Coming of Age

Article in Stretton Focus August 2020

The title of my piece usually refers to the time when young people reach a stage of maturity where we ‘cut the apron strings’, and move into adulthood. Before that, we were more like sheep being led, and fed and guided: but in coming of age, we accept the role of being shepherd. We take control of our lives and become responsible to find meaning and purpose, both for ourselves, and for the life of the world around us.

Our coming of age can be made into a social occasion, which is a fine thing to do. But it can also miss the point that ‘coming of age’ is not just a one-off event: it is a continuous process. The very world we live in, and even the universe itself, is involved in a process of ‘becoming’; where for our own part we have to be learning as we go.

As the world itself has been ‘coming of age’, we have had to change our own ways of understanding, and move on in search of deeper truth. We now know that the earth is not the centre of the universe; rather, it is just a planet circulating the sun. We have also come to know that, as human beings, we have evolved over millions of years, moving through different stages of life to become what is now known as Homo sapiens.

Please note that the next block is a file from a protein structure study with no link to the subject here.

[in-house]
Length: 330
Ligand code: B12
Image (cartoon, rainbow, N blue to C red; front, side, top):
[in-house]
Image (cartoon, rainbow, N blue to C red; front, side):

Sapience (knowledge, wisdom, understanding) is what we now use to ask questions, learn more, and abandon ways of thinking that need to be left behind. So where do God and religion fit in to this bigger picture that sapience and science are revealing to us? Everything is part of the same process, and there can be no exceptions. Our thinking of God and religion will also need to come of age.

Instead of just believing what we have been told, we should be looking at the evidence for ourselves, and making up our own minds about what to believe and what not to believe. Christianity has had two thousand years of what might be called ‘religious childhood’ – and that’s long enough! It’s time to cut the apron strings of religious paternalism; come of age, and move into new experiences of greater freedom: to explore and find a deeper understanding of this vast and mysterious universe, where we have discovered ourselves to be.

Donald Horsfield

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